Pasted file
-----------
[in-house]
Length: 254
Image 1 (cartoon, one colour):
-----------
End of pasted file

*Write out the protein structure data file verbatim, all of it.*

[in-house]
Length: 254
Image 1 (cartoon, one colour):